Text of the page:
Thursday, October 25, 2007

Parashat Vayera

By Deanna Neil

Verse Per Verse
When looking for your new housing in New York City or wherever you may be, make sure that your neighbors aren't sadistic and make sure that they fear/ awe God.
We're still in Genesis. Abraham just hacked off his foreskin at the end of the last chapter as a sign of covenant. So, we've got a lot to learn in terms of morality and how to operate as a family and as a people. It's just the beginning.

The JPS translation calls this section "Community Development", which is interesting. My first instinct was to call it "Lessons in Incest: How to make your daughter your lover and your sister your wife", but sexual mores are only one of the many issues addressed in this section. The actual Hebrew title of this section is called "VaYera" which means, "and he appeared."
Similar in root, the chapter ends with Abraham naming the location of Isaac's non-slaughter "Adonai Yir'eh" which means "God will see." "On God's Mountain, he will be seen." The word Vayera is also close in root to Vayar, which means fear/awe. So, what exactly are we supposed to see? What exactly are we supposed to fear? And how does this help our community to develop?

The most interesting element of this section of the Torah is why it is all placed together. Why tell the story of Abraham and Sarah with the strange interjection of Sodom and Gomorrah right in the middle? It is because even as far back as Genesis, Jews had to figure out how to operate as outsiders within a community. Even if you don't say "Jews", moral individuals had to figure out how to work within the greater community.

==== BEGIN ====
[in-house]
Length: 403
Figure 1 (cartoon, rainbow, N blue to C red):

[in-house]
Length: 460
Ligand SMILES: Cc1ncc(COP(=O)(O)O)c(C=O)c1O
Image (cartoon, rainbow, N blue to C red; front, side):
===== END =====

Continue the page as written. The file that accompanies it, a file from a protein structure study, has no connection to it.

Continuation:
Here we have two parallels-- Lot living in the world of Sodom and Abraham living in the world of Abimelech and the Philistines. Lot was saved, but he could not live in the Sadistic world Sodom. Why? No matter how much you try to separate yourself you are still influenced by your community. For example, Lot's wife was killed because she absorbed a touch of sadism--she wanted to watch the city being destroyed. A lesson to all of us who want to watch public hangings or to join in gang rapes where we are voyeurs of sadistic behavior. How many times do we turn and look at destruction instead of turning away? (I could even potentially argue that Lot's daughters adopted some of this sadistic behavior by seducing their own father, but God didn't seem to punish them for this. Furthermore, Lot had offered their virgin bodies to a violent mob of horny sadists back in Sodom. It seems only fair that they end up raping him.)

Tangent on gay sex: And as far as the argument against homosexuality goes, it's not so bad that the Sodomites were trying to rape men, they were trying to rape angels! How much more sacrilegious and less God-fearing can you get?
And I don't buy the Sodomites being burned to death for their lack of hospitality either. My argument is that it is the sadism that led to their destruction--their lust for raping strangers, whether they were men or women.

Let's move on from this point, though, and return to Abraham and Sarah.